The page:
Sailing the Internet's Stormy Seas: Mosaic
by Alan Zisman
(c) 1995. First
published in Our Computer Player, July 1995
The Mosaic Navigator
by Paul Gilster
John Wiley & Sons
Paul Gilster has given himself the task of guiding
users through the
often uncharted waters of the Internet. His two previous books, 'The
Navigator', and 'Finding it on the Internet' have proved to be
sources of information for many users. When they were reviewed in the
Player (February, 1995), however, I criticized their relative lack of
of the World Wide Web-- the graphical hypertext network that for many,
especially for many new users, has BECOME the Internet.
In his new book, 'The Mosaic Navigator', he makes up
for any previous
omissions. As the title suggests, this book is solely devoted to
users up and running with Mosaic.
Mosaic is a Web browser, software to use to move
around the World Wide
Web, view Web pages and their multimedia contents. Developed at the
of Illinois' National Center for Supercomputing Applications (NCSA), it
is available for free in versions for Windows, Unix, and the Macintosh.
Gilster focuses on the Windows version, but also
includes a chapter
on the Mac version, and makes enough on-going references to that
to enable Mac users to work with this book as well.
He discusses the background to Mosaic and the Web, and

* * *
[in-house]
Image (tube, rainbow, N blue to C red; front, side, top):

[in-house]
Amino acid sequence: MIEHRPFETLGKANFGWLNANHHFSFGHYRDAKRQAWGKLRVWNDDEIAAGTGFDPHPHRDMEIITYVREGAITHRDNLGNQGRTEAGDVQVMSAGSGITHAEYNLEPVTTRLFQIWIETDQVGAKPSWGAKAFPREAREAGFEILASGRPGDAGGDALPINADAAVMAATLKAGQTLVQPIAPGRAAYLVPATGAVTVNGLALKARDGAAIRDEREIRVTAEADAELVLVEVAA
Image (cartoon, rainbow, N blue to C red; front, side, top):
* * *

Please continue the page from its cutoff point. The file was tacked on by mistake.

the sort of connection
to the Internet needed to use Mosaic-- modem users need to arrange a
connection with a service provider; text-based shell accounts just
The book continues with where to find Mosaic, and how
to install it
on a Windows computer and on a Mac. We then look at Mosaic add-ons--
it to work with graphics, sounds, and video, and at how to personalize
Mosaic's menus, and a brief introduction to creating a customized home
page. We discover how Mosaic can be used in place of more traditional
programs for Gopher, FTP, and telnet, as well as its less-impressive
as a UseNet reader, and for e-mail.
Carrying on with using Mosaic on the Web, we get a
chapter of interesting
sites (at least as of September, 1994, when the book went to press).
a discussion of the future for Mosaic and the Web in general, looking
at the themes of finding information that were introduced in Gilster's
The Internet is a fast changing environment, and
nowhere more so than
the World Wide Web. The number of Web sites is estimated to be doubling
every five months-- more than doubling in the time since this book went
to the printers.
That makes it hard to keep up to date-- it may have
been a mistake for
Gilster to focus his book so tightly on NCSA Mosaic rather than on the
Web itself. While Mosaic was the hot Web application last Fall, since
it has been replaced by Netscape-- another freely available program
by some of Mosaic's originators, which offers better performance for
Since Netscape was still in the planning stages when
this book went
to press, Gilster can't be faulted for failing to cover it. However,
he written his book focusing more on the Web and Web browsers in
the book would not have appeared to be obsolete so quickly. Even Mosaic
continues to evolve-- it is a work in progress, in continual beta
with several new versions appearing over the past few months.
However, this book remains relevent, even for users of
other Web browsers.
It would be too bad if users of Netscape, Internet Works, or recent
from CompuServe or elsewhere pass up on this book, just because it's
'The Mosaic Navigator' rather than, for example, 'The Web Navigator'.